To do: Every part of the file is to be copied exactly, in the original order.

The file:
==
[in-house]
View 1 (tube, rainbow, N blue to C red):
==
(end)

[in-house]
View 1 (tube, rainbow, N blue to C red):